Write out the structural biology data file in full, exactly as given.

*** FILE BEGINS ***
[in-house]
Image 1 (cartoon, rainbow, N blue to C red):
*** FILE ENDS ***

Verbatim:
[in-house]
Image 1 (cartoon, rainbow, N blue to C red):